I came home from work last week to find a slim package at my door.
My friend, David sent sent me the audio book of Secret of the Old Clock, the first in the Nancy Drew series.
It was a big, slightly emotional week and it was nice to have my friend Nancy in the car with me.
As a young girl, I didn't so much read Nancy Drew mysteries as inhale them, from yellow cover to yellow cover. I would be mourning the end of the book even before it was over. How was I going to get to town to the library to get the next one? Or to Danners, if I had enough money saved to actually buy a book?
My best-friend-since-first-grade Ann Herr and I would discuss clues, trade books and carefully craft our birthday and Christmas wish-lists to avoid duplicates. You can't leave the fate of your book collection in the hands of Santa Claus.
Ann and I spent many hours sitting next to each other reading. Our younger siblings would run circles around us, whooping it up and playing. There are several photographs of that time with our brothers and sisters playing games -- there are none of us sitting on the steps reading, not a very exciting picture, I guess. My favorite Christmas gift ever was a bookcase. That bookcase has moved across the country with me, and still houses many of those same books I had in fourth grade.
Much has been written about the impact of Nancy Drew on womens lives. Every woman I know has a Nancy Drew story. Most center around Nancy's spunk. "Nancy manages the almost impossible feat of being wholesomely 'feminine' -- glamorous, gracious, stylish, tactful -- while also proving herself strong, resourceful, and bold," novelist Bobbie Ann Mason wrote in The Girl Sleuth. "Perhaps most important for a girl reading Nancy in the early 1960s, she showed that girls could have it all, complete with a wardrobe of sweater sets and sheaths, and a boyfriend, the endlessly tolerant Ned Nickerson, who never got in the way of her sleuthing."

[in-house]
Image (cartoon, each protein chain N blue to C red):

I also wanted to Be Like Nancy, but really, who wouldn't? She was adventuresome, quick-thinking, smart, fearless and independent in her sporty blue roadster. But, then again, I knew plenty of spunky girls (I was not one of them, but Ann Herr was) and by the late 1960s, early 1970s spunk was expected/encouraged in young women.
More than that Nancy Drew opened up a another whole world to me.
Nancy's dad, Carson would send her on errands to other towns in her roadster. My dad sent me pull weeds, pick up rocks, burn trash or sweep out the barn. My mode of transportation was a big yellow school bus or an Impala station wagon. Mr. Drew was an attorney, a profession that I had no first hand knowledge of. I now have many attorney friends, but none of them wear a hat or send their children with "important papers to a neighboring town."
Nancy's friends took trips together, traded clothes and never had to babysit or go to Sunday school.
No one ever questioned Nancy's judgement. She could be gone for days or get herself locked in a closet and was always a hero.
Even now, that we are officially too old for Nancy, Ann and I still exchange Nancy Drew mysteries for Christmas. And, I will still pull out a yellow book and head out to the backyard, - alas, no secret tunnel -- and spend an afternoon curled up with Nancy.
It was good having Nancy with me in car this week.
I've missed her.